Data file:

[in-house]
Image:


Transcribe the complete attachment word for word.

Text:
[in-house]
Image: